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VERDI, Maria Callas, Giuseppe di Stefano, Piero Campolonghi, Orchestra e Coro del Palacio de las Bellas Artes, Umberto Mugnai

La Traviata

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  • Maria Callas - soprano
  • Giuseppe di Stefano - tenor
  • Piero Campolonghi - bass
  • Orchestra e Coro del Palacio de las Bellas Artes - orchestra
  • Umberto Mugnai - conductor
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49.00 PLN

2 CD:

Nr kat.: LRC1123
Label  : Aura (Italy)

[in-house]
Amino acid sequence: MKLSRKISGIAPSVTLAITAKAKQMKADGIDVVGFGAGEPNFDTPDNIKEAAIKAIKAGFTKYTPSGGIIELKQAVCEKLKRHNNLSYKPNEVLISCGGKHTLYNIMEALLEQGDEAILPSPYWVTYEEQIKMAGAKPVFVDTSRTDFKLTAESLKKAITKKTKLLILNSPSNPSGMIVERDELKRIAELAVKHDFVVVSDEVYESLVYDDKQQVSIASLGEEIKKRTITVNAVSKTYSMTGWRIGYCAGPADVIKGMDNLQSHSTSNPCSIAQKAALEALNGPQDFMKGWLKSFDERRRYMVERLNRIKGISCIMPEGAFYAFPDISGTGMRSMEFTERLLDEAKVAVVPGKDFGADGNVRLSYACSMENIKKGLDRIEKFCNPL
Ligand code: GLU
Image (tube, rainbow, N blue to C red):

Live Recording, Mexico City, June 3. 1952 Ralph Moore TOP 1000 REVIEWER 5.0 out of 5 stars One of three supreme portrayals October 9, 2017 EMi resisted having to do with anything other than the official studio recordings of Callas until 1989 when they remastered and issued this "pirate" - perhaps a better word is "private" - recording under their own label and there are now three almost equally desirable live, mono recordings of Callas' Violetta, here in May 1955 at La Scala, and two in 1958 in March in Lisbon and June in London. Other live recordings are even less desirable sonically and/or find Callas less well partnered. People tend to think first of Tosca as Callas' calling card, but she did not in fact like the character and the frequency with which Callas performed Violetta - 63, exceeded only by the 92 of "Norma" - gives some idea of the level of her identification with her, and her activity in response to the demand of major opera house to hear her in a signature role. All three recordings offer the same disadvantage of harsh, peaky sound and the similar advantages of a starry cast, sympathetic conductors and Callas caught on the wing in finest voice. The Lisbon and London performances emerge very well on the Myto label and the remastered Warner edition in the new "Callas Live" box set of the former is now marginally cleaner and clearer but all three are eminently listenable with a will and those who declare them otherwise obviously have no tolerance for anything other than modern stereo sound, as the performances are of such quality as to make the listener forget all about such petty technical flaws. However, it must be admitted that the sound here deteriorates from CD2 onwards and continues to worsen. Personally, I prefer Valletti's elegant Alfredo in London to Kraus' reedy tone and Di Stefano's more impassioned, gung-ho approach but all three are fine and there's not much to choose between Sereni and Zanasi as Germont. Both have neat, well-schooled, Italianate baritones and if they sound rather young that's no great handicap as there's no reason why Germont should be an old buffer; he could be only in his early forties. I have in the past unkindly called Bastianini's manner as Alfredo's father "boorish"; he certainly sings through the role plainly and sternly, without much tenderness or subtlety but the sheer quality of his bronzed sound has its attractions. Callas is wonderful in all three. She is on record as having complained that critics seemed not to realise that some of the vocal frailty in her portrayal was the deliberate result of her characterisation of a woman dying of consumption and not a failing voice. At the very least, she was smart enough - and she was very smart - to turn her vocal trials to advantage as Violetta and no artist except perhaps Cotrubas manages to be so touching and vulnerable, spinning long lines on a thread of tone, deploying that downward portamento to heart-rending effect and injecting a note of supreme despair into her sufferings. What's more, you get with this set a current rarity: a complete quadrilingual libretto.